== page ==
The airline has to have your known traveler number (you supply it when purchasing the ticket) and your airline has to support it. Until very recently, Southwest, for example, did not support the program. There should always be a box for entering a KTN and Redress number when booking. My number is saved in my profile with the travel booking sites I use, so it’s automatic now. If you have any pending bookings, you might be able to call the airline and have them add it.

  • Yosef

    Isn’t this something of a vicious circle? The more people that sign up for Pre-Check, the slower it will be, thus less of an advantage. Plus, there has to be a method to re-screen the pre-screened to prevent abuse.

  • REL

    They need to stop adding inexperience travelers and families which greatly slow down the TSA line. I suggest everyone write their government of complaints.

  • Ogi

    I’m a permanent resident and have had a KTN (via GE) since June. I’ve never gotten cleared for Pre – and I’ve flown at least 15 segments since. I’m wondering if this will change now.

  • Matt P

    This still doesn’t address how there have been so many people lately who have been approved for the PreCheck lane without having a clue as to what PreCheck is. I thought the whole purpose of the program was to allow pre-screened people through relaxed security? I’ve witnessed and know plenty of people who have gone through PreCheck with no pre-screening process like the rest of us. I’ve been meaning to ask a TSA agent about that.

    Anyone know a good answer?

  • Matt C.

    We asked about it the first time it happened at SeaTac (in October). TSA has opened it up on a “trial” basis to selected passengers from the regular lanes. Most of them have never heard of PreCheck and don’t know how to go through. In some cases, actual PreCheck-approved passengers still take priority and get called ahead first (this happened to me on Thanksgiving). On the upside, if this change means more people will know what PreCheck is and how to go through the line, hopefully it makes things better and not worse.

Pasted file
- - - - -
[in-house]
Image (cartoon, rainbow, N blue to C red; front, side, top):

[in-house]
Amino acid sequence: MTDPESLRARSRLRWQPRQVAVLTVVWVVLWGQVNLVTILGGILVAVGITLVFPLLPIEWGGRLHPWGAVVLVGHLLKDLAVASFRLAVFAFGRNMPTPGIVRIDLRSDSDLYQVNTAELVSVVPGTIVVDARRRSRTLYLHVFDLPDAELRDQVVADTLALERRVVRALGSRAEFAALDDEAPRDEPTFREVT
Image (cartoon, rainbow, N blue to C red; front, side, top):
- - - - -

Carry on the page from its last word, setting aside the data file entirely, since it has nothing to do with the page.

• Kate

    Returned from MSY a few days ago. Did not get PreCheck for MSY, but PreCheck lane there was LOADED with kids and strollers. I had the chance to look over shoulders while waiting, and not one parent I saw had a Global Entry card. They were all just holding regular drivers licenses. Certainly appeared deliberate that parents with young children were getting PreCheck. They even had TSA agent at top of line directing them to PreCheck lane as most of them did not seem to know what it was. Fortunately, we DID get PreCheck on first leg (at FLL) which saved us from a truly brutal line in the Southwest terminal.

  • Mike

    JFK Ter8 recently made the terrible but more common place decision (see B-C at PHL) to lump TSA Pre lanes with the family lane (or other non-pre lanes). I have no idea why this makes sense because then you have 2 lanes going through the same security checkpoint, some with Pre and some without so I keep my shoes on while the dad behind me doesn’t, how does the officer at the scanner really know who is qualified?

    The whole thing is really a joke and just a scam they figure they can make more money on at this point.

  • Jay

    Same here Permanent Resident, 30 PQS on United since GE and never got TSA Pre, my name on the secure flight data is the same – no middle name issues, all I can think of is that its a citizenship issue, hopefully throwing $85 will make that problem go away


    I went through ORD and PDX in October where I fly often. The
    lines were horrendous. The worst I’ve ever seen. TSA was letting the
    unscreened through at PDX as a “trial”.
    I’m sure it’s only going to get worse with everyone having it. It’s the
    same as the boarding fiasco now that everyone with a credit card is group 1. As a Plat I have to push through the herds of gate lice. Nice.

  • Akrach

    I use PDX quite a lot as well, and I’ve got Global Entry. I see TSA at PDX move people into the Precheck line and they call it “Expedited Screening.”

  • mbc
  • John

    On the frequently asked question on the TSA Gov website, it says the below answers for “Who is eligible for TSA Pre”

    U.S. citizen, U.S. national or Lawful Permanent Residents who are members of the TSA Pre✓™ Application Program

    U.S. citizens who are members of a U.S. Customs and Border Protection Trusted Traveler program, such as Global Entry, SENTRI, and NEXUS and Canadian citizens who are members of NEXUS

    I am a US Permanent Resident with a GE, and from the above answer, it sounds like the only way to receive a TSAPre is to apply for the TSA Pre Application Program?

  • FLN

    I’ve been TSA PreCheck through Delta on every flight for over a year. Should I go for Global Entry as well to get an official KTN? I’m concerned I might fall off the rolls. Will it mess up my current TSA PreCheck status?Thanks.

  • admin

    excellent info